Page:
I was invited to participate in the Dagstuhl Seminar on Algorithmic Cheminformatics.
This was the presentation of the event:
Dagstuhl Seminar 14452 “Algorithmic Cheminformatics” was organized to intensify the interactions between chemistry and computer science. While the thriving field of bioinformatics/computational biology is a success story of a lively and extensive inter- and trans-disciplinary collaboration between life sciences and computer science, this is much less so in cheminformatics. After a quick raise of a plethora of computational approaches for chemical problems in the 1960–1970s, the field mainly settled down on machine learning approaches in the late 1990s. Over last two decades, computer science plays a comparably marginal role in chemistry research and education.
This is a puzzling state of affairs as chemistry, and in particular the emerging field of systems chemistry, has to offer a wide range of non-trivial computational problems that are very different from those in the well-established areas of quantum chemistry, molecular dynamics, or physical chemistry, for which physics-style models and numeric mathematics have been established as the methods of choice. In particular, complex chemical networks capable of algorithmic self-assembly under far-from-equilibrium conditions, seem to possess a deep connection to the theory of computation, information recoding and compiler theory. Dagstuhl Seminar 14452 therefore specifically aimed to establish the connection between theoretical computer science, graph theory and related fields of discrete mathematics, and complexity theory on the one hand and chemistry on the other hand. Several key areas where covered by one or more presentation and extensive discussions among the participants. Topic ranged from formalizing chemical transformations, autocatalytic molecular systems, and the design of chemical experiments, via model checking and key graph algorithm, to chemical information technology and models for the origin of life. Dagstuhl Seminar 14452 successfully brought together wet-lab chemists with theoretical computer scientists and researchers with a focus on bioinformatics and initiated an, as we feel, very fruitful frist step towards cross-boundary research.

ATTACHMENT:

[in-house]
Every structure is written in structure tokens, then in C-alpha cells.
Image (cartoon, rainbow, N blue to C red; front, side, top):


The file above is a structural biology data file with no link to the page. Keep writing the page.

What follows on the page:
Unfortunately the abstract of my talk was lost. So I cannot add it here. I basically presented the general idea I then developed further and presented in the paper The Lattice of Chemical Orgnizations. The event was really important in my life as it convinced me to go back to the field of Artificial Chemistry to present that work.